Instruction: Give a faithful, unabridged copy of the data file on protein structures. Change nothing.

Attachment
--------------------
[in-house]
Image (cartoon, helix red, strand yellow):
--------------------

[in-house]
Image (cartoon, helix red, strand yellow):